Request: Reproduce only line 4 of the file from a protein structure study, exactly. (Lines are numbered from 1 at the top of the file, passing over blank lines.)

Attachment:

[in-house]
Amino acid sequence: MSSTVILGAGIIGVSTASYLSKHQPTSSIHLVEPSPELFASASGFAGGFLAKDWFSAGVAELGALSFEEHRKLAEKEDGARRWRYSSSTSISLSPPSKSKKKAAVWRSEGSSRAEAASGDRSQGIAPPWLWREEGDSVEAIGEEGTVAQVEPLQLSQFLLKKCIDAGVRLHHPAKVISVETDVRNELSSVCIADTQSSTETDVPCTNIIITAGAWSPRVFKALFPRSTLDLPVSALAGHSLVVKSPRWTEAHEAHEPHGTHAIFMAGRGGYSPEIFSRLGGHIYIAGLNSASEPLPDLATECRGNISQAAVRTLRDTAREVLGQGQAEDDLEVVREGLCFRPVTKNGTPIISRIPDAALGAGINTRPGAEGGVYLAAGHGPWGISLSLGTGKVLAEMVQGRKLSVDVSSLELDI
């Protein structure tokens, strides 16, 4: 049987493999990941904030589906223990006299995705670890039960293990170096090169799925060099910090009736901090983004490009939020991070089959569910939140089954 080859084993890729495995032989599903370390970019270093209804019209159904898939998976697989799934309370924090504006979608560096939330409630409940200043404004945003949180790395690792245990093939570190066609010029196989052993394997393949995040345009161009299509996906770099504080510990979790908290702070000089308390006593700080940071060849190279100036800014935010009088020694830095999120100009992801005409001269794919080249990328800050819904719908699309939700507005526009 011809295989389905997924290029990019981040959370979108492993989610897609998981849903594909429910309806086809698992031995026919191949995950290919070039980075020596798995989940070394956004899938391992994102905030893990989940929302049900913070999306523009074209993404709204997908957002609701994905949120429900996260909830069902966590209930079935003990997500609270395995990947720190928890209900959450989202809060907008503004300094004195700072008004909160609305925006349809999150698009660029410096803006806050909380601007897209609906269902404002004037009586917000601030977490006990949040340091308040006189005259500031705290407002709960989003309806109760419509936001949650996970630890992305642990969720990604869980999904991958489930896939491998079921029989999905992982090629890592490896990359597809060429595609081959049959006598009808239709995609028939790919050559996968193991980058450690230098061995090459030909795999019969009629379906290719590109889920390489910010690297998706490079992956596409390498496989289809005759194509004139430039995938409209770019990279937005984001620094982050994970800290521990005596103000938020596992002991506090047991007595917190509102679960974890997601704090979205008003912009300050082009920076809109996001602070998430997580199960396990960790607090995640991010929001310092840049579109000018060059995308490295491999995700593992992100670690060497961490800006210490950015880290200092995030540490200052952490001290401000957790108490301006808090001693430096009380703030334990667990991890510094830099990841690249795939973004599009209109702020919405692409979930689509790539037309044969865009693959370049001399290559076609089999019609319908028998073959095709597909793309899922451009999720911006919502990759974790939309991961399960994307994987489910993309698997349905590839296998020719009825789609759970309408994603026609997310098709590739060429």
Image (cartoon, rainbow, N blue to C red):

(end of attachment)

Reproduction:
Image (cartoon, rainbow, N blue to C red):